Not physically. In that sense, you are free to wander wherever you would like. You have a used car and your legs work fine, although most gray afternoons find you immobile, wrapped up in your torn comforter, knees curled halfway to your chest.
You wander up and down the aisles of the grocery store, the furniture store, the bookstore, gazing across rows of pristine things you could own. You have a debit card in the pocket of your jeans, you could slide it at any moment and bring home your favorite Sonic Youth album or a loaf of whole grain bread in an attempt to patch the gaping emptiness you feel nestled between your lungs.
It isn’t an absence of anything, the feeling that has snuggled up between your stark rib bones and dusted itself across your stomach (mistaken for butterflies back when you used to actually feel nervous anticipation about first dates or walking into a crowded room). Instead, it is completely tangible. You picture it as a charcoal color, a little cloud formed inside of you where you cannot reach. When you exhale, you half expect it to dislodge itself and climb up your throat, slither out between your teeth. You would come face to face with it and laugh for the first time in a few weeks.
But it is there to stay, the gnawing emptiness. Every time your friend calls and you turn the screen of your phone to face the table, it expands. When you can’t quite drag yourself from your tangled blankets for a glass of water to soothe your cracked lips, it climbs a little higher in your throat. Some days you think you are letting it win, you are allowing it to steal your words and put your entire life on mute.
And other days (rare and shiny) you fight back. You wake up and your hair falls across your shoulders just right and you see the pavement as an adventure begging to be taken. You turn up the music crashing through your headphones until it is almost unbearably loud and as you walk to the beat, you think nothing has ever been as pure as being alive. City air still scrapes through your nose but it feeds your lungs and your cells. You breathe deeply because you want to expand outward, take up as much space as you can. You deserve the space, you are full and today you smear vivid watercolor trails behind you as you traipse down the sidewalk.
Even as you breathe on the treasured days, the days when you get the perfect level of drunk to spin around in the middle of the crowd or when someone tells you you’re beautiful, you know you are still gray on the inside. Even if your yellow hair (your red lips and pink cheeks) paint you as a rainbow, your insides are still sketched graphite. And so you wait for it to resurface, you wait for your bones to hollow out so they are weaker than a bird’s. The emptiness will pull you down again and when you’re a shell you will seek solace in the folds of your sheets. You will not answer the doorbell when it rings insistently three, four, five times and you will see your life as a series of carefully plotted events on a bulletin board.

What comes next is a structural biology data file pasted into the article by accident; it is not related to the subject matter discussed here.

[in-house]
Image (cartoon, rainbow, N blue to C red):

First you get up and go to history class like you should, and then you work under the fluorescent hum of office lights and you smile when you get an extra Friday off. You will marry some nice, outgoing boy who knows how to talk to you at just the right volume and you’ll celebrate Christmas with your family and a face full of phony teeth.
Empty means you don’t paint and you stop writing, you tuck away the letters you once used to form the pretty ideas of your youth and you stare at the ceiling, trying to make sense of a life for which you are sure you didn’t sign up.
If the sky outside looks gray, it is probably just a reflection of what rests between your lungs.
“Eventually something you love is going to be taken away. And then you will fall to the floor crying. And then, however much later, it is finally happening to you: you’re falling to the floor crying thinking, “I am falling to the floor crying,” but there’s an element of the ridiculous to it — you knew it would happen and, even worse, while you’re on the floor crying you look at the place where the wall meets the floor and you realize you didn’t paint it very well.”—Richard Siken (via blutgifte)